The Art School of Peterborough is celebrating its 25th anniversary with a special exhibit during September.
The Founders Art Show runs from Friday, September 7th to Friday, September 28th in the LAUNCH gallery at the school (178A Charlotte Street, Peterborough), with an opening reception from 6 to 8 p.m. during the First Friday Art Crawl (September 7).
Twenty-five years ago, the Art School of Peterborough was founded as the Lakefield School of Fine Arts by a group of like-minded people headed by the late artist and teacher Richard Hayman.
In the spring of 1993, Chris and Kit Ridpath opened an art supply store in Julian Plaza in Lakefield, the same year Richard Hayman stopped teaching at the Lakefield College School. Hayman had been the director of the art program at Lakefield College School for 25 years (the school’s art gallery is named in his honour).
After Hayman left Lakefield College School, he rented a studio behind Verne Hamilton’s Real Estate office on Queen Street, a building that now houses Celtic Connections (the studio could be reached through the alley where you can still see the large mural of a Tom Thompson painting done by Hayman).
In the summer of 1993, he walked into the Ridpaths’ art store and discussed the idea of a local art school.
With the help of the Ridpaths, a group of creative people — Drew and Marge Ridpath, Anne Crowley, Marni Moldaver, and Doug and Helen Batten — came together to hammer out the details and, in the fall of 1993, the incorporated not-for-profit Lakefield School of Fine Arts was established, with a board of directors comprising the founders along with Di Collins, with Hayman in the role of the school’s director.
The initial location for the school was the Old Ray’s School on the corner of Buckhorn Road and County Road 8. The school offered adult courses, with Hayman teaching beginner watercolours and pottery, Chris Ridpath teaching oil painting, and Marni Moldaver teaching design. Although the school had 75 students during its first year of operation, it struggled to stay afloat.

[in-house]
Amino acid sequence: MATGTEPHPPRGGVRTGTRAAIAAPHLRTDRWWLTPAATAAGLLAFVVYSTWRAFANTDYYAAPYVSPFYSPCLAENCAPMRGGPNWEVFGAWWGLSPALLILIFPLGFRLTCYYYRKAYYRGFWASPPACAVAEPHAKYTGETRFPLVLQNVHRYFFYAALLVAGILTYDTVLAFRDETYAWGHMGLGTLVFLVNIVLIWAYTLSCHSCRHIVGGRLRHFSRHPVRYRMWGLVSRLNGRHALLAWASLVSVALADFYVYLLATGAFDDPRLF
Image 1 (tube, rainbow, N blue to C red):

In the fall of 1994, Hayman moved the school to its current location at the Charlotte Mews in Peterborough. Now called The Art School of Peterborough, the new location had one large studio on the ground floor and three studios in the basement, of which the largest became the pottery studio. Chris and Kit Ridpath soon followed Hayman into Peterborough, where they opened Ridpath Art Supplies next door the following year.
The school expanded its curriculum, including youth classes taught by Susan Murphy, wildlife painting taught by Terence Andrews, watercolour taught by Emil Varga and Sharon Taylor, and more.
However, despite the relocation to Peterborough increasing the number of students, the school was still struggling financially. As a result, the school launched its annual Art Auction fundraiser, which remains the school’s largest fundraiser to this day.
In 2004, the school suffered a blow when Peterborough was hit by a major storm-related flood. Board members, instructors, and students pitched in to help clean up the school and get it back to working order, and the school purchased new equipment for the basement pottery studio.
The school continued to raise funds to support its operation through the annual art auction as well as garage sales and other fundraisers, and then received an estate donation, which gave it some financial security. A portion of the money was used for improvements at the school.
In 2007, Hayman passed away at the age of 65 after suffering a heart attack, and Anne Marie Kornachuck soon took over the reins as director of the school.
Over the next few years, the school obtained grants and was able to purchase new equipment and hire new instructors, increasing the number of students. In 2013, Kornachuck left her position as director, and long-time instructor Jenni Johnston became the school’s new executive director.
Today, the Art School of Peterborough has three studios on its main floor as well as three studios in the basement, with more than 1,000 students every year. The school offers a variety of classes for people of all ages and — in keeping with Hayman’s goal for an art school where anyone could do art no matter what skill level or their financial background — offers bursaries for people who may not have the financial means to pay for classes.
The Art School of Peterborough remains a place where people come and share their creative journey with each other. The Founders Art Show will celebrate and honour those who made the school what it is today: the founders, board members, instructors, members, students, and volunteers.
For more information about the Art School of Peterborough, visit artschoolptbo.org.
This story is based on information supplied by Jenni Johnson, Executive Director of the Art School of Peterborough.